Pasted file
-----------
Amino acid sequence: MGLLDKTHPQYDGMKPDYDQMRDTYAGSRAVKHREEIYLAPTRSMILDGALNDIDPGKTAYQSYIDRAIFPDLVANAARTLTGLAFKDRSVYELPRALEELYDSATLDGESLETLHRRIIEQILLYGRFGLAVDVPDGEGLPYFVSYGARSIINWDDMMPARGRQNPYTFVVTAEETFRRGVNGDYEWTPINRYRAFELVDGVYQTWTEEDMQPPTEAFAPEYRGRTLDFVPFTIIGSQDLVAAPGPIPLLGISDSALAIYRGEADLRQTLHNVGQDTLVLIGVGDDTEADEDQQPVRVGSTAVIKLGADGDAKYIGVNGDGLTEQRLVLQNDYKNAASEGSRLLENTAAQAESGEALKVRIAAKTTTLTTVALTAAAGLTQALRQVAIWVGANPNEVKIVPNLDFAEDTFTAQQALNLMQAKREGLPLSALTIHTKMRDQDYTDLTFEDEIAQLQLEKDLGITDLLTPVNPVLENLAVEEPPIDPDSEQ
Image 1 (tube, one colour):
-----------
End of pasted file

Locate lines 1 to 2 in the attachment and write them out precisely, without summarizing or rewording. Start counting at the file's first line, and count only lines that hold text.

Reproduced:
Amino acid sequence: MGLLDKTHPQYDGMKPDYDQMRDTYAGSRAVKHREEIYLAPTRSMILDGALNDIDPGKTAYQSYIDRAIFPDLVANAARTLTGLAFKDRSVYELPRALEELYDSATLDGESLETLHRRIIEQILLYGRFGLAVDVPDGEGLPYFVSYGARSIINWDDMMPARGRQNPYTFVVTAEETFRRGVNGDYEWTPINRYRAFELVDGVYQTWTEEDMQPPTEAFAPEYRGRTLDFVPFTIIGSQDLVAAPGPIPLLGISDSALAIYRGEADLRQTLHNVGQDTLVLIGVGDDTEADEDQQPVRVGSTAVIKLGADGDAKYIGVNGDGLTEQRLVLQNDYKNAASEGSRLLENTAAQAESGEALKVRIAAKTTTLTTVALTAAAGLTQALRQVAIWVGANPNEVKIVPNLDFAEDTFTAQQALNLMQAKREGLPLSALTIHTKMRDQDYTDLTFEDEIAQLQLEKDLGITDLLTPVNPVLENLAVEEPPIDPDSEQ
Image 1 (tube, one colour):